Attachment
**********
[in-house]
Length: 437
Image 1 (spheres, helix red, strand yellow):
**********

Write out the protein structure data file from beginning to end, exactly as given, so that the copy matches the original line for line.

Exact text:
[in-house]
Length: 437
Image 1 (spheres, helix red, strand yellow):